|Title of host publication||The Routledge International Encyclopedia of Sport and Exercise Psychology|
|Subtitle of host publication||Theoretical and Methodological Concepts|
|Editors||Dieter Hackfort, Robert J. Schinke|
|Publication status||Published - 22 Apr 2020|
Great Britain’s Tom Daley won the gold medal in the men’s 10 metre platform dive at the 2017 World Aquatics Championships in Budapest. In winning the medal, Daley was awarded 12 perfect scores across six dives. Chen Aisen, the double gold winner at the 2016 Summer Olympics, was awarded three perfect scores of his own and won the silver medal. In this case, three instances of perfection simply weren’t enough to win the competition. It is scenarios like this that underscore why the study of perfectionism is so important in sport. In most other areas of life, perfection is ambiguous, elusive, and irrational. In sport, though, perfection can be more tangible, objective and, for athletes at the very highest levels, attainable. These factors may explain why so many athletes identify themselves as perfectionists and why some researchers and practitioners have come to view perfectionism as a hallmark characteristic of elite performers (e.g., Gould, Dieffenbach, & Moffett, 2002). It is important to bear in mind, however, that from a personality perspective perfectionism is more than the standards people have for themselves. Rather, perfectionism is an engrained way of thinking, feeling and behaving that, paradoxically, can quite easily undermine athlete motivation, performance and wellbeing (Flett & Hewitt, 2014). As it is common to find perfectionistic people in sport, and because perfectionism is so easily misunderstood, we consider perfectionism to be a valuable addition to an Encyclopaedia of Sport Psychology. We have structured our entry around four topics. The topics covered are (1) the multidimensional structure of perfectionism, (2) its transcontextual nature, (3) whether “healthy” perfectionists exist and (4) what the likely consequences of perfectionism are in sport. These are key topics in this area of research and will provide a valuable reference for students, researchers and practitioners interested in perfectionism in sport.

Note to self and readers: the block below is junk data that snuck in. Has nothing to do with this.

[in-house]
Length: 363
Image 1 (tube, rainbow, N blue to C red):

|Name||Key Issues in Sport and Exercise Psychology|
Hill, A. P., Madigan, D. J., Smith, M. M., Mallinson-Howard, S. H., & Donachie, T. C. (2020). Perfectionism. In D. Hackfort, & R. J. Schinke (Eds.), The Routledge International Encyclopedia of Sport and Exercise Psychology: Theoretical and Methodological Concepts (Vol. 1). (Key Issues in Sport and Exercise Psychology). Routledge. https://www.routledge.com/The-Routledge-International-Encyclopedia-of-Sport-and-Exercise-Psychology/Hackfort-Schinke/p/book/9781138734418